How To Tell Enantiomers From Diastereomers
Bottom line for today: you can tell if molecules are enantiomers or diastereomers by looking at their (R,S) designations.
Enantiomers are non-superimposable mirror images of each other. Pardon me while I push the Caps Lock button:
ENANTIOMERS ALWAYS HAVE OPPOSITE R,S DESIGNATIONS.
Buy “opposite” I mean they have the same names, but their R’s and S’s are reversed.
The enantiomer of (S)-2-chlorobutane? It’s (R)-2-chlorobutane.
The enantiomer of (R)-2-butanol? It’s (S)-2-butanol.
- Let’s say you’ve got a molecule with two stereocenters and the configuration is (R,R). The enantiomer will be the molecule with the exact same name except it’s (S,S). For instance, the enantiomer of (2R,3R)2-bromo-3-iodobutane is (2S,3S)2-bromo-3-iodobutane.
- If you’ve got a chiral molecule with two stereocenters and the configuration is (R,S), the enantiomer will have the (S,R) configuration.
- Taking it even further, if we had a molecule that was (R,R,S,R)-(followed by long chemical name), what would its enantiomer be? It would be (S,S,R,S). Get the idea?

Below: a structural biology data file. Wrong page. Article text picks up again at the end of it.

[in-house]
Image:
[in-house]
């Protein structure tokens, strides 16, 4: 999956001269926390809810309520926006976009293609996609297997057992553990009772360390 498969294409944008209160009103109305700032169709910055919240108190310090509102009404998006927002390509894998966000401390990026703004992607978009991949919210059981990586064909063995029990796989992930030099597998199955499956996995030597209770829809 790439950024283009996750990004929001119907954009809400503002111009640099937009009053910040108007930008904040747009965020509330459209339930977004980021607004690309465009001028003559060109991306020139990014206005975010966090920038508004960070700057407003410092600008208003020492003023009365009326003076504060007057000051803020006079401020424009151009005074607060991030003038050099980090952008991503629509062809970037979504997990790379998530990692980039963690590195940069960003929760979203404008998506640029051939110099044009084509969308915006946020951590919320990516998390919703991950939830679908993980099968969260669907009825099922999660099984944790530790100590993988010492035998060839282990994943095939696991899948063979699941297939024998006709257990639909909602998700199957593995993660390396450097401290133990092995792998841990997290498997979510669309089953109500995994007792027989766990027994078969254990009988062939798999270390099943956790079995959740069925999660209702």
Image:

This is why learning to figure out R/S designations is such a key skill! You can figure out whether two molecules are enantiomers (or not) simply by examining their names and their (R,S) designations!
Now, what if we have a molecule with the exact same name, except their (R,S) designations are not opposite, but not identical either?
Like (R,R) and (R,S)…. or (S,S) and (S,R) ?
Or: (R,R,R) and (R,S,R)
Or: (S,S,R,S) and (S,S,S,S)
These molecules will be stereoisomers…. but not enantiomers. So they’re diastereomers! Caps lock time agein…
DIASTEREOMERS WILL ALWAYS HAVE NON-IDENTICAL (BUT NON-OPPOSITE) R,S DESIGNATIONS. Like (2S,3R)-2,3-butanediol and (2R,3R)-2,3-butanediol.
OK! Quiz time.
1. Maybe you’ve heard of pseudoephedrine (Sudafed)? It’s (S,S)-2-methylamino-1-phenylpropan-1-ol. Guess what its enantiomer is? (Answer below)
2. As you might have guessed, there’s also a molecule called ephedrine. It’s (R,S)-2-(methylamino)-1-phenylpropan-1-ol. Guess what its enantiomer is?
3. Now guess how ephedrine and pseudoephedrine are related to each other?
Tomorrow: let’s sum up the week.
Thanks for reading! James
- The enantiomer would be (R,R)-2-methylamino-1-phenylpropan-1-ol
- The enantiomer would be (S,R)-2-methylamino-1-phenylpropan-1-ol
- Pseudoephedrine (S,S) and ephedrine (R,S) are diastereomers of each other.
P.P.S. You might ask if there are any exceptions to this. Yes and no. Enantiomers always have opposite R,S designations. BUT (and this is important) not all molecules with opposite R,S designations are enantiomers! As we’ll see later, it’s possible for a molecule to have chiral centers but be an achiral molecule due to a plane of symmetry. These are called meso compounds, and we’ll talk about them next week.